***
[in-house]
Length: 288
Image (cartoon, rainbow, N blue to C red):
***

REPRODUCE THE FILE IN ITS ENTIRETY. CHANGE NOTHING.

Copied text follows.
[in-house]
Length: 288
Image (cartoon, rainbow, N blue to C red):